I don't pretend to understand the detail, but what this looks like is a revolution over evolution redesign of the microchip. Unfortunately this will need it's own operating system and the necessary "killer app" to make people buy it. Would this be any use as a games console as these are designed more from the ground up than general purpose computers?
st3f, Jul 16 2001

       Can someone summarize this article for those of us who, well, you know?
egnor, Jul 16 2001

       [st3f] "I'm just wondering how phoenix can WIBNI what is effectively a brief design spec"   


       And it's not that this is a bad idea but the idea of enhancing a processor by widening its data buses and/or taking advantage of data caches is baked. I believe you'll find that there is currently a trend in computing towards smaller data buses which are more easily manufactured and can be more efficiently clocked (e.g. Serial ATA, USB, FireWire, etc).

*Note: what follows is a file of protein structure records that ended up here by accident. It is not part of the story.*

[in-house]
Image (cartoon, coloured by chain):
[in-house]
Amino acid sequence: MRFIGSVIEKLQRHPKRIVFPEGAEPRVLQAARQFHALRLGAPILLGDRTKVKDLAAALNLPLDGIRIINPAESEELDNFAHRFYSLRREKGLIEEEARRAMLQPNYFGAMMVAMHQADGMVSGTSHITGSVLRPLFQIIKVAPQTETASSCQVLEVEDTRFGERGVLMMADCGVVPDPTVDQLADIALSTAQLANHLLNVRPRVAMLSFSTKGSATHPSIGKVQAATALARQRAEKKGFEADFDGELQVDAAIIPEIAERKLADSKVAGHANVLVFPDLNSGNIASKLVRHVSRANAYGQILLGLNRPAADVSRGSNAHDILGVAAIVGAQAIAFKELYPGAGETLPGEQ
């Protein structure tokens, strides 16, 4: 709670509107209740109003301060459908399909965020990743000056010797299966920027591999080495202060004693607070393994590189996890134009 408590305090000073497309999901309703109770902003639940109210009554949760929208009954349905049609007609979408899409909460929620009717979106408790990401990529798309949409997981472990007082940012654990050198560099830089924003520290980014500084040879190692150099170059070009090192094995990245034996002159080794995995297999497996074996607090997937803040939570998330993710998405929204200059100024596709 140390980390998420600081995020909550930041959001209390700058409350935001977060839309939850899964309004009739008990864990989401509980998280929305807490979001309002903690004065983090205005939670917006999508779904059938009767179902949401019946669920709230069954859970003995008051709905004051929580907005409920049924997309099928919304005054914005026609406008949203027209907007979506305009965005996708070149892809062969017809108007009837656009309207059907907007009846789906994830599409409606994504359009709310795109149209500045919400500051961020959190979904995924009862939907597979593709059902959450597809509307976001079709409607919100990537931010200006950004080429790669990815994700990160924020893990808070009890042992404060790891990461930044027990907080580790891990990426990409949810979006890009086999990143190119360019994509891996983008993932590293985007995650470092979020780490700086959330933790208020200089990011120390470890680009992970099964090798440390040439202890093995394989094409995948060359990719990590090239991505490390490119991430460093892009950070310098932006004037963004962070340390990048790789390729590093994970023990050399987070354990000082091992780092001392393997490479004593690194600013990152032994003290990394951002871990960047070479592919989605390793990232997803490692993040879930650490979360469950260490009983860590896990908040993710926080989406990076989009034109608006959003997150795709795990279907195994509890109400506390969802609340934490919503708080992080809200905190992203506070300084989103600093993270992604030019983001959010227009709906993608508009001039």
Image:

That said, I hope [Vernon] finds a buyer for his CPU, makes millions, buys a tropical island and has us all over for tequila.
phoenix, Jul 16 2001

       Erm... I'm with egnor, I realy needa sumary. I bet the reason no-one has writen one is that they still have'nt read the whole idea...
RobertKidney, Jul 16 2001

       Man, I love the 6809. In fact, I'm coding on one right now with my current project. LEAX 1,X FOREVER!
koz, Jul 16 2001